Emergency Contraception, sometimes referred to as “the morning after pill”, ella or “the week after pill”, is a name that is given to a number of different medications that can be taken shortly after having sex in order to prevent a pregnancy. The most common forms of emergency contraception are Plan B One-Step and ella. Emergency contraception is NOT the same thing as the abortion pill and is not intended to be used if you already have a known pregnancy.
If you have any questions about emergency contraception, please call us; we are here to help. The most common form of emergency contraception is described below.
Plan B One-Step1
Plan B-One Step is an emergency contraception approved by the FDA as a non-prescription product intended to reduce the chance of pregnancy following unprotected sex or known contraceptive failure. It is a single dose pill that should be taken as soon as possible within three days after sexual intercourse.
This pill contains large amounts of a hormone called levonorgestrel which is also found in birth control pills. Levonorgestrel works by stopping or delaying ovulation which would prevent a pregnancy from occurring.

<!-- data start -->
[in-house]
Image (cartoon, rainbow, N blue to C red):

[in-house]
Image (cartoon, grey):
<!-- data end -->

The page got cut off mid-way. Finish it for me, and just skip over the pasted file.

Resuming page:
Plan B One-Step will not stop a pregnancy if a woman is already pregnant and it cannot protect a woman from HIV/AIDS or other sexual transmitted diseases.
According to the FDA, some women who have taken Plan B-One Step have reported the following symptoms: nausea, vomiting, stomach pan, headache, dizziness, and breast tenderness.
It is not recommended for women to use Plan B-One Step as a regular form of contraception.
The Lennon Pregnancy Center does not offer or refer for abortion services. Our Center does offer counseling and accurate abortion procedure information from reliable sources such as the Michigan Department of Community Health and the U.S. Food and Drug Adminsitration. This information is intended for education purposes only and should not be relied upon as a substitute for professional medical advice or counseling services.
1 “FDA approves Plan B-One Step emergency contraceptive for use without prescription for all women of child-bearing age,” The U.S. Food and Drug Administration, June 2013, http://www.fda.gov/newsevents/newsroom/pressannouncements/ucm358082.htm
Have Questions? Please contact us.